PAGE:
These stories underscore alarming statistics; for instance, 19 percent of college women experience completed or attempted sexual assault or rape. Most perpetrators on campus get away with their crimes, in part because reporting is so low. So many of the few people who do speak out face a lack of response, victim-blaming, or retaliation.

Before they even reported the attacks by Notre Dame football players, the young women allegedly faced threats of retaliation from the friends and teammates of the two men.

As an advocate working to end campus sexual assault, I am disheartened to hear these stories, not only because I know that yet another person has been needlessly traumatized but also because cases like these show how the “right” answer — telling someone to report the crime — may not always be the safest option for the victim or the best way to ensure justice is served.

This is one reason why I feel so strongly about the passage of the Campus Sexual Violence Elimination (SaVE) Act.

The SaVE Act is a provision included in the Senate version of the Violence Against Women Act,  which Congress has yet to reauthorize. The SaVE Act would require schools to do more about sexual violence, including creating plans to prevent this violence and educating victims about their rights and resources.

This act is essential since most campuses need to do much more to prevent sexual assault; they need to penalize perpetrators, and they need to do more to help survivors.

If you’re mad like I am, here are three ways to channel your anger:

  1. Urge your representatives to reauthorize VAWA including campus safety provisions from the Campus SaVE Act.
  2. If you know someone on a college or university campus or are on a campus yourself, download and share AAUW’s Campus Sexual Assault Program in a Box. It’s full of useful information about resources like prevention programs and awareness campaigns for campuses.
  3. Share and download a free iPhone and Android app called Circle of 6, which allows friends to help each other out of potentially unsafe situations before they escalate into violence.

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I opened up my Facebook newsfeed last Thursday morning and found that an article about my alma mater, Amherst College, had been shared overnight an astounding 57 times. Two hours later, the article had been shared another 20 times. Three hours later, 40 more. As a recent Amherst graduate, I was stunned by the story, which has been featured on well-known blogs like Jezebel and the Huffington Post.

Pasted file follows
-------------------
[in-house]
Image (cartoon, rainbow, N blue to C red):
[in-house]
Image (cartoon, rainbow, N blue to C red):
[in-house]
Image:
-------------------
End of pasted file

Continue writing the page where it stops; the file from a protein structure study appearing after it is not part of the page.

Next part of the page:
via Picasa user David Emmerman

On October 17, the student newspaper published a story about former Amherst student Angie Epifano, who described a harrowing experience of being raped in a campus dorm room on May 25, 2011, and what she says was the administration’s mishandling of her attempts to heal. The article has sparked a national dialogue on colleges’ sexual assault and harassment policies just weeks after a sexual assault Title IX lawsuit was filed at Wesleyan University and the report of a misogynistic T-shirt incident at Amherst.

Shortly after the article went viral, a friend invited me to a Facebook group created by alumni to begin a conversation on what the Amherst community can do in addition to sharing the article. Browsing the online group, I came across some of the most touching stories and insightful comments by students I used to sit next to in class and in the dining hall who revealed that they too are survivors. They, like Epifano, say they were hurt at Amherst and did not feel they received the help they needed. They too courageously spoke out about the administration’s reported push for struggling survivors to take time off while their attackers continued their educations without interruption, of the difficulty of disciplinary hearings, and of how easy it is to feel ashamed and alone on such a small campus. As I read these stories, I heard the suffocating silence shatter as students came forward with their unhappiness at a school that has improved the lives of many but may have paralyzed many others.